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attenuant of the curd. These digested gruels render the milk curds porous and also provoke the secretion of the digested juices. As diluents, they are a very great improvement on water. Most of the thick malt extracts are sufficiently active in diastase to produce the desired effect. I, however, prefer the employment of diastase itself without any of the other malt ingredients, as being both speedy and efficient. It can either be produced cheaply at home or purchased at the nearest drug store. A simple decoction of diastase may be made as follows: A tablespoonful of malted barley grain put in a cup and enough cold water added to cover it, usually two tablespoonfuls, as the malt quickly absorbs some of the water. This is prepared in the evening and placed in the refrigerator over night. In the morning the water, looking like thin tea, is removed by a spoon or strained off, and is ready for use. About a tablespoonful of this solution can be thus procured and is very active in diastase. It is sufficient to dextrinize a pint of gruel in ten to fifteen minutes. Preparations of diastase are made by a number of chemists, Parke, Davis & Co., Forbs, Horlick and others.

There are cases constantly arising where milk must be withheld for a time or given only in small quantities. Here is where the judgment of the physician is put to a test. The symptoms that call for modification or change of diet are loss in weight, vomiting, colic and unnatural stools. A brief glance at these conditions may be helpful to some in applying dietetic remedies.

Weight. The weight of the infant is the best means we have to measure its nutrition. It is as valuable a guide to the physician in infant feeding as is the temperature in a case of continued fever. Although the weight is not to be taken as the only guide to the child's condition, it is of such importance that we can not afford to dispense with it during the first two years. It is a great advantage to keep up regular observations during childhood. A child may not always gain rapidly, but it should gain steadily, and if it does not, something is wrong. All the conditions surrounding the infant should be investigated, but especially the food. One should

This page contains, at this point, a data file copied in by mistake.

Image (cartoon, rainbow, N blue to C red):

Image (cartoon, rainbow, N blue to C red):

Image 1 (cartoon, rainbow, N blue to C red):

not be satisfied unless the average weekly gain during the first six months is at least four ounces.

Vomiting. When vomiting occurs immediately after feeding, it is probably caused by simple distension of the stomach, and less bulk of food is accordingly indicated. The vomiting that occurs some time after feeding is apt to be caused by undigested food, the rejections are frequently highly acid, and there may be curds and mucus present. Projectile vomiting, where food is rejected with force, is an indication of brain irritation.

Colic.-Colic may be caused by cold, but is more frequently induced by the fermentation of indigestible food.

Conditions of the Stool.-Much may be learned by a careful inspection of the stool with reference to increasing or diminishing the various kinds of food. The normal stool is smooth, yellow, homogeneous, and about the consistency of thin mush. The following may be considered abnormal types:

Green Stools.-Stools can only be considered green when that condition is evidenced immediately upon their passage. They are due to fermentation, which is doubtless a bacterial action. All stools become green a certain time after passage, caused by oxidation of the air.

Curdy Stools.-Curdy lumps may be procured by undigested casein or fat. The former are hard and yellowish, while the latter are soft and smooth, like butter.

Slimy Stools.-These are the result of catarrhal inflammation. When the mucus is mixed with the fecal matter, the irritation is high up in the bowels, but when flakes or masses of mucus are passed, the trouble is near the outlet.

Yellow, Watery Stools.-These are seen in depressed nervous conditions, especially in the hot days of summer, when the bowel is relaxed and the inhibitory fibers of the splanchnic nerve do not act to advantage.

Very Foul Stools.-These are caused by decomposition of the albuminoid principles of the food.

Profuse, Colorless, Watery Stools-With a little fecal matter, are

doubtless caused by an infective germ akin to Asiatic cholera. This is known as cholera infantum. It is rare to see one of these types by itself, with the exception of the last; they may be seen in all combinations.